The Birth of an alternative Mechanics
Antonino Drago
Dept. of Physical Sciences, Univ. "Federico II", Napoli
I interpreted Leibniz' program for a reform of dynamics according to the following five points:
i) Instead to consider the whole Leibniz' production on mechanics, I focussed the attention upon his last writings only, representing a mature attitude on the subject: Essay of dynamique (1692), Specimen Dynamicum (1695) and Essay de dynamique sur les lois du mouvement (1698).(1)
ii) Against a widespread prejudice of an idealistic metaphysics pervading Leibniz' thinking, I followed MacDonald Ross' analysis; ...
Abstract
I interpreted Leibniz' program for a reform of dynamics according to the following five points:
i) Instead to consider the whole Leibniz' production on mechanics, I focussed the attention upon his last writings only, representing a mature attitude on the subject: Essay of dynamique (1692), Specimen Dynamicum (1695) and Essay de dynamique sur les lois du mouvement (1698).(1)
ii) Against a widespread prejudice of an idealistic metaphysics pervading Leibniz' thinking, I followed MacDonald Ross' analysis;(2) in Leibniz there are two "radically distinct conceptions of metaphysics... the one of the science of general principles and concepts [in my opinion, the foundations of science]; the other as the science of immaterial reality...; and the two conceptions fused together."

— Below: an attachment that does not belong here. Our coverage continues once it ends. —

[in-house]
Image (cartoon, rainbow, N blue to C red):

iii) I reconstructed Leibniz' mechanics (3) according to the following sequence of basic features, principles and laws: 1) The logicophilosophical framework for the whole theory is constituted by the principle of sufficient reason ("Nothing is without reason"); 2) the theory organisation is aimed to find out a new scientific method for solving an universal problem, i.e. the laws for the impact of bodies, a phenomenon by which one can reconstruct all physical phenomena; 3) nonclassical logic holds true, i.e. the logical law   A = A may fail (in present text, underlined words emphasise instances of these failures); 4) the theory is composed by contingent statements (whose contrary statements do not imply contradiction); 5) dynamics is put as first, rather than statics; 6) as first physical principle is put the impossibility of a motion without an end: 7) "our minds look for conservation": invariants (symmetries); 8) the principle of conservation of kinetic energy; 9) relativity of space, time and motion; composition and decomposition of motions; 10) elastic bodies (no hard body); 11) the principle of actionreaction; 12) indifference of a body to rest or to move; inertia as an immanent property of bodies; 13) a first, consistent sketch of a theory of the impact of all kinds of body; 14) a rough definition of work; 15) Torricelli's principle (i.e., a first historical version of the principle of virtual velocities, stated by J. Bernoulli in 1717, one year after Leibniz' death). In conclusion, Leibniz' program looking for an at all different theory of mechanics, was achieved in a great part.